Category: Arachnida Spider
Facts about Enamelled Spiders, "Scientific name for Enamelled Spider is Araneus bradleyi". The enamelled Spider is an Australian spider belonging to the family Araneidae. It is mostly found in New South wales, Queensland, Victoria and Tasmania regions.
DESCRIPTION, BEHAVIOR AND HABITAT.
The Enamelled Spider has an enamelled appearance that varies from region to region although different forms may appear in a region, for instance, three color variations occurs in the Hobart area. Some enamelled spiders are pure green in color while others have both green and yellow colors.
The male Enamelled Spider are usually (8-9 mm) long while the females are (14-18 mm) long. The eggs are (1 mm) in diameter. The egg sac is round, flat bottomed and is covered with a red-brown silk that appears wooly. The eggs are always covered by a protective sticky mass.
The muscles in a Enamelled Spiders legs pull them inward, but the spider can't extend its legs outward. It will pump a watery liquid into its legs that pushes them out. A Enamelled Spider’s legs and body are covered with lots of hair and these hairs are water-repellent, which trap a thin layer of air around the body so the Enamelled Spiders body doesn't get wet. It allows them to float, this is how some spiders can survive under water for hours. A Enamelled Spider feels its prey with chemo sensitive hairs on its legs and than feels if the prey is edible. The leg hair picks up smells and vibrations from the air. There are at minimum, two small claws that are at the end of the legs. Each Enamelled Spiders leg has six joints, giving the spider 48 leg joints. The Enamelled Spider’s body has oil on it, so the spider doesn't stick to it’s own web.
The Enamelled Spider is active on its net only at night where it hunts by waiting for flying insects to get caught in their sloping orb web. It is a general predator that will feed on any flying insect that may fall in its web. This web is usually placed a meter above the ground. The Enamelled Spider completely eats the web in the morning and retreats to the surrounding vegetation during the day.
There is no known toxicity associated with these spiders they are considered harmless to human beings.
The spider belongs to the Animalia kingdom, a kingdom consisting of all animals. It is further classified in the phylum Anthropoda, because it possesses an exoskeleton, jointed appendages and has a segmented body. It belongs to class Arachnida due to the fact that it is eight legged. It is in order Aranae, the order of all spiders. It is in suborder Araneomorphae, family Araneidae, genius Araneus and species bradleyi.
Its binomial name is therefore Araneus bradleyi (Keyserling, 1888). Some scientists also refers to the enamelled spider as Epeira bradleyi.
Enamelled Spiders have oversize brains.
In the Enamelled Spider the oxygen is bound to "hemocyanin" a copper-based protein that turns their blood blue, a molecule that contains copper rather than iron. Iron-based hemoglobin in red blood cells turns the blood red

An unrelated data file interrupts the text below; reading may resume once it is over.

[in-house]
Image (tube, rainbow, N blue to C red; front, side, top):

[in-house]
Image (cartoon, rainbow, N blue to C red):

Enamelled Spiders have two body parts, the front part of the body is called the Cephalothorax-(the thorax and fused head of spiders). Also on this part of the body is the Enamelled Spider’s gland that makes the poison and the stomach, fangs, mouth, legs, eyes and brain. Enamelled Spiders also have these tiny little leg-type things called (pedipalps) that are next to the fangs. They are used to hold food while the spider bites it. The next part of the Enamelled Spiders body is the abdomen and the abdomens back end is where there is the spinnerets and where the silk producing glands are located.
A Enamelled Spiders stomach can only take liquids, so a Enamelled Spider needs to liquefy their food before they eat. They bite on their prey and empty its stomach liquids into the pray which turns it into a soup for them to drink.
A male Enamelled Spider has two appendages called "pedipalps" a sensory organ, instead of a penis, which is filled with sperm and insert by the male into the female Enamelled Spider’s reproductive opening.
Enamelled Spiders do not have a skeletons. They have a hard outer shell called an exoskeleton-(a rigid external covering for the body in some invertebrate animals). The exoskeleton is hard, so it can’t grow with the spider. The young Enamelled Spiders need to shed their exoskeleton. The Enamelled Spider has to climb out of the old shell through the cephalothorax. Once out, they must spread themselves out before the new exoskeleton will harden. Know they have some room to grow. They stop growing once they fill this shell. Female Enamelled Spiders are usually bigger than males.
Female Enamelled Spiders lay eggs on a bed of silk, which she creates right after mating. Once the female Enamelled Spider lays her eggs, she will than cover them with more silk.